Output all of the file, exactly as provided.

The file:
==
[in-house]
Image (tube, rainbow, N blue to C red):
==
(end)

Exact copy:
[in-house]
Image (tube, rainbow, N blue to C red):